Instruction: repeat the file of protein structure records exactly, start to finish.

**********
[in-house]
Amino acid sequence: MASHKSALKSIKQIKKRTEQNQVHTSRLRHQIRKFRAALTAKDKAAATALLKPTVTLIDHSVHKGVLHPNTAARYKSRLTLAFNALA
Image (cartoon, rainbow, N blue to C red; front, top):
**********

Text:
[in-house]
Amino acid sequence: MASHKSALKSIKQIKKRTEQNQVHTSRLRHQIRKFRAALTAKDKAAATALLKPTVTLIDHSVHKGVLHPNTAARYKSRLTLAFNALA
Image (cartoon, rainbow, N blue to C red; front, top):